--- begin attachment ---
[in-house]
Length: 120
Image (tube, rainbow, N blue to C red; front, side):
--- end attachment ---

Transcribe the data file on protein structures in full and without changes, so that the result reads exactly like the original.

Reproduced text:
[in-house]
Length: 120
Image (tube, rainbow, N blue to C red; front, side):